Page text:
The next step is to get raw data from camera to analyze it. Implement Camera.PreviewCallback and add the following line inside your SurfaceCreated and SurfaceChanged:
Now you can override the following method:
There is a lot of code, right?
This is the code necessary for processing the image! It’s fully commented to help you to understand.
I’ll talk more about it in the part 4, where we are going to edit this method to add new features to the project :)
Just add this following method, so you’ll be able to run your app.
If you run, you’ll probably see it working now! (If you have any problem, please just let me know)
But each pixel has a value between 0 and 254, and this value can be influenced by ambient light.
So, to try to avoid this problem, we need to calibrate the camera.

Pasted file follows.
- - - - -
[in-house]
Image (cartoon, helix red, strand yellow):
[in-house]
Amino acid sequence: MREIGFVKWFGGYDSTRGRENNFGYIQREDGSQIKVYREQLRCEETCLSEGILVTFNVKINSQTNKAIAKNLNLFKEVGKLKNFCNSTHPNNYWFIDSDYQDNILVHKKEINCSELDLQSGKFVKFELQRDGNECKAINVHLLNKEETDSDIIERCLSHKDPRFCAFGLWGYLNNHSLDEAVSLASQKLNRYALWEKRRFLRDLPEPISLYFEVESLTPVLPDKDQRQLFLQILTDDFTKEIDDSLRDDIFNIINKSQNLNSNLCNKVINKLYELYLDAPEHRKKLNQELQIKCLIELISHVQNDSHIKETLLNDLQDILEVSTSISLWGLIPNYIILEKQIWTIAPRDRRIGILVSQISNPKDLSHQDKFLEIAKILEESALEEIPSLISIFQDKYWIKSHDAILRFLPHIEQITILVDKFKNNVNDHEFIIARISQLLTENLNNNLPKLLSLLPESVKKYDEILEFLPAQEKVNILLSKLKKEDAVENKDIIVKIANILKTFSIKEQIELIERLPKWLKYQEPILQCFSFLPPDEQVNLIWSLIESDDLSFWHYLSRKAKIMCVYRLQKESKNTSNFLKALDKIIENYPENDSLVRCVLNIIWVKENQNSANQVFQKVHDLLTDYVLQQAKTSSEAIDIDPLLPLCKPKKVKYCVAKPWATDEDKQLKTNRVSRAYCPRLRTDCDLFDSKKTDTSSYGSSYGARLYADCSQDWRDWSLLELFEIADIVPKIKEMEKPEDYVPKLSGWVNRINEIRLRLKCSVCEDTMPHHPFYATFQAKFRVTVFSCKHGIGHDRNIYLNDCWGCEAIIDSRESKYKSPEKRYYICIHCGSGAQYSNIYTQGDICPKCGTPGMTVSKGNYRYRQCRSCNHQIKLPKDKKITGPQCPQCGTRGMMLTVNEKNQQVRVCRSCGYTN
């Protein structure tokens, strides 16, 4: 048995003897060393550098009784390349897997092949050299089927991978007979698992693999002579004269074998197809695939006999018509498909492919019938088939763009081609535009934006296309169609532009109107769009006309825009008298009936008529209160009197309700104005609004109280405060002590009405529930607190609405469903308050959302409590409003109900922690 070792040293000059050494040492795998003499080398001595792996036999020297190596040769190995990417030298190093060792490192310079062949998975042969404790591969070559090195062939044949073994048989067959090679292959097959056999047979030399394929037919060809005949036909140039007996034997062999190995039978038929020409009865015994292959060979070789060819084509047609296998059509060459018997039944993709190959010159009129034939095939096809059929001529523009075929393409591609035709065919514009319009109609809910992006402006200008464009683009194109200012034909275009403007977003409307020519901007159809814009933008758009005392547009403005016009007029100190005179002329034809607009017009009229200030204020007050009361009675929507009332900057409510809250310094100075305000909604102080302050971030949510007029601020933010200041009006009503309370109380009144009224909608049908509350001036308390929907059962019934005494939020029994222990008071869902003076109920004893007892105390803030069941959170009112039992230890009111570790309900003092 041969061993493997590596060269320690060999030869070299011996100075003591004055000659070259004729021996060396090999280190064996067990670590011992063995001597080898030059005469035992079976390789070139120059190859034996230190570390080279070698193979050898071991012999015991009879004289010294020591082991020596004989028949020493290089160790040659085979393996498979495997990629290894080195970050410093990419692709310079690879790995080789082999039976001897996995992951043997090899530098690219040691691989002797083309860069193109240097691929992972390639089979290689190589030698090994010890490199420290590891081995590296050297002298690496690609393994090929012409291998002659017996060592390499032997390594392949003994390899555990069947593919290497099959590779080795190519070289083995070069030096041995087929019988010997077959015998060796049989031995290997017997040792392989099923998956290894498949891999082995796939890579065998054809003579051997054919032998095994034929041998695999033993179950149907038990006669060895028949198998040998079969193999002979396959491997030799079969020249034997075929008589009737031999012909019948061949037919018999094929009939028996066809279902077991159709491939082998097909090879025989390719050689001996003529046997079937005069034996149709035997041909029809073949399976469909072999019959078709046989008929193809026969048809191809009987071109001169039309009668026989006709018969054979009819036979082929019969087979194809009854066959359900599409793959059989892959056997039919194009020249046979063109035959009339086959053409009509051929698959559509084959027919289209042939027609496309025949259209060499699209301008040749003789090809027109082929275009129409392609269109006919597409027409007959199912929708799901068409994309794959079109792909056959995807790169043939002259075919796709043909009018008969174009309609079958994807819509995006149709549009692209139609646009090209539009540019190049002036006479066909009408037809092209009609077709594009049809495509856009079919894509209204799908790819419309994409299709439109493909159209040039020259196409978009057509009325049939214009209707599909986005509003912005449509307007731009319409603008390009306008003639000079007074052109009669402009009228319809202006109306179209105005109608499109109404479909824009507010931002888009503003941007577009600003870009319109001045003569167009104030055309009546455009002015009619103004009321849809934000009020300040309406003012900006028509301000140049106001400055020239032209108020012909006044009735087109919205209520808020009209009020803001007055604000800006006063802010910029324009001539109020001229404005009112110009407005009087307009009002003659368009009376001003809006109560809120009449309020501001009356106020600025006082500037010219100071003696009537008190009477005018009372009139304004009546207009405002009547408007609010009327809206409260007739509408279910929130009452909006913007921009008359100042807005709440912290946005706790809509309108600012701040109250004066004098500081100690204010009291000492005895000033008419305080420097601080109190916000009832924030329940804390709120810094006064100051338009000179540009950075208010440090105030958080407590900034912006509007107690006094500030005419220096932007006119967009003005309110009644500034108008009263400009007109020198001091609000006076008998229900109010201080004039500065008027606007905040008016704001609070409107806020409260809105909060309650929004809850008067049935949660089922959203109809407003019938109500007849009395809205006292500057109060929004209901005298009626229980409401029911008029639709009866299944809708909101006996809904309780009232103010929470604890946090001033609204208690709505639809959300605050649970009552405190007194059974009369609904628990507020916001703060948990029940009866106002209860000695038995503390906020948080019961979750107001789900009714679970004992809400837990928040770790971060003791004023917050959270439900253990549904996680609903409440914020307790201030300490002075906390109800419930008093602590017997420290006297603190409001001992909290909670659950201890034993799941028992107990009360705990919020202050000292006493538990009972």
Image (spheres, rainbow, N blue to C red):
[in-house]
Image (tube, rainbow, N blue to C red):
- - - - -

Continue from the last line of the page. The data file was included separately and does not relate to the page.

To calibrate our app, we’ll analyze 100 pictures and check the difference between the lowest and biggest values.
These values will show us what is black and what is white.
First, add some private variables:
Edit the Calibrate method with the following code, just to reset some variables:
Now, let’s edit the doCalibrate method.
To calibrate, we’ll save the biggest and lowest color median captured by the camera. So we can set the lowest color as the absolute black in this ambient; and the higher value as the absolute white in this ambient.
So if we need to check if something is white or black, we can compare each block with this value calculated with the calibration.
After reading 100 pictures, we set the new colorDivisor value: